Over the last decade yoga has become more popular than ever, just not in India. There, yoga is an unassuming, spiritual, and for some, a faithful religious practice.
Yoga in America, however, is a secular, multi-billion dollar industry. It is only a philosophical or spiritual practice when we want it to be, and we certainly don't accept it as a religion.
American-Hindu organizations such as Take Back Yoga will keep trying, but will keep failing to reinsert the religious aspects of Hinduism into American yoga because yoga in the US is exactly what America wants it to be. If they really want to take back yoga, they might just have to buy it back.
In July 2013, Judge John Meyer from California, deemed yoga as an American sensation when settling a court case involving disgruntled parents of students at a school in Encinitas. Feeling like yoga should not be taught in schools because of its spiritual and religious connotations, parents wanted yoga completely removed from the curriculum. However, the judge on the case said, "At its roots yoga is religious," but continued to say that even though yoga is a Hindu practice, it is now "a distinctly American cultural phenomenon."
America has won again. This time it's not about the possession of oil, it is about blanching the culture out of something to make it fit our needs.
How did this happen?
Americans are comfortable with yoga as a non-religious physical endeavor. It is acceptable when portrayed through the homespun, educated and refreshingly freethinking, familiar girl next door. If we didn't homogenize the face of yoga this way, yoga in America would be a closet activity, deemed inappropriate for Christians. For some, practicing yoga the way we do in America is sacrilege, but not if we keep standing by the ruling that yoga isn't a religion.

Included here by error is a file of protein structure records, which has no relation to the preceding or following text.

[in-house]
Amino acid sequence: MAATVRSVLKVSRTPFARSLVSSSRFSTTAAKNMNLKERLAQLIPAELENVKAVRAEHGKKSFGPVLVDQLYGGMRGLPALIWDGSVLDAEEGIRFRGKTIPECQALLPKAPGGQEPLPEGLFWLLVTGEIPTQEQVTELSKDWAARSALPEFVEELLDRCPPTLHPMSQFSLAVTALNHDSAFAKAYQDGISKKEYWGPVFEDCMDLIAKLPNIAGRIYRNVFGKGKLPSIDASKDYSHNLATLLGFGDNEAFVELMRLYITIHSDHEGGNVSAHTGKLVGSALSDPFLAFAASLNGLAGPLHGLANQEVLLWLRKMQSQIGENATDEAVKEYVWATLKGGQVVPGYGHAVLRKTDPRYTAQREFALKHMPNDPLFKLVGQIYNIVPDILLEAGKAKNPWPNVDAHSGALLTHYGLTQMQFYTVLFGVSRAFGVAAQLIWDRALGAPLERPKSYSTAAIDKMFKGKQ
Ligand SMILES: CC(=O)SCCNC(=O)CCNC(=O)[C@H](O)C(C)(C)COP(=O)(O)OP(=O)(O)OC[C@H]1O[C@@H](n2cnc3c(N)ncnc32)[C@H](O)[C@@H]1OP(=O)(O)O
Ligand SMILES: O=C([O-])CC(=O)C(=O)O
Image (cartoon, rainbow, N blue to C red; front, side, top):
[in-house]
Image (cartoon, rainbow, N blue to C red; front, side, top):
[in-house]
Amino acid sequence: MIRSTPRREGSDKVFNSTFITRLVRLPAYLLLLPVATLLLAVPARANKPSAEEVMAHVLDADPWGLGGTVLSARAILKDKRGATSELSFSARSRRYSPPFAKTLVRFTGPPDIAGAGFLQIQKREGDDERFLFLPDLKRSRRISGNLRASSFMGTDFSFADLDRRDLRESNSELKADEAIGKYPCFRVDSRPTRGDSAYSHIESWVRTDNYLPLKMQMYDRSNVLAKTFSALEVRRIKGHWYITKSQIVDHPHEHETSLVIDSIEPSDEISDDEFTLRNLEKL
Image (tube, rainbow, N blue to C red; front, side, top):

Today's new yoga teachers might excite people by offering a chant, an om, or show up to class with a wrist wrapped in mala beads because dancing with spirituality is relatively benign. Diving deep into a true yoga practice, however, is too precarious. It threatens our American standards and Christian values.
Americans have transformed yoga to epitomize an anodyne interpretation, because it's better to play it safe. God forbid we lose the accessibility of this life-changing practice.
Is this so terrible, and if so why?
Thanks to ingenious marketing, yoga is no longer weird, foreign, and seemingly cult-like here in the West. The average American yoga teacher might flaunt a Hindu name, and even be heard reciting verses from the Yoga Sutras, the foundational text of yoga, but rarely in Sanskrit. Instead, the teachings of yoga will be expressed through semantics that can easily be absorbed by our secular filter. For example, Dharma isn't religious. It's about taking what we want by the horns and holding on long enough to own it.
What is yoga?
The word Namaste, translated to mean, "I bow to the God within you," is spoken at the end of thousands of yoga classes across the country, but yoga classes rarely speak of God because yoga isn't religious. The Merriam-Webster dictionary defines religion as the belief in a god or a group of gods.
The American Yoga Association believes religion is based upon the worship of a God that exist outside oneself. Calling yoga a philosophy or a spiritual belief is more acceptable, but religion, philosophy and spirituality are all immersed in life's biggest question: What is God?
The concept of God is a shaky subject. Add to it the yoga-inspired faith in the God within us all, and you have a huge mess on your hands. Calling yoga non-religious isn't just about altering yoga to make a buck. It is to avoid starting a war. Anyone who can amiably define God and unite the world's religions and spiritual beliefs without causing bloodshed will clearly prove to be the next messiah.
America has chosen to dilute, reinterpret, and turn a blind eye to what yoga actually is, and ultimately, who we actually are. It is not within anybody's means to comprehend all nations under one God. America will always be one nation under God, but it has to be our interpretation of God, just as it is with yoga.
For more by Jill Lawson, click here.
For more on yoga, click here.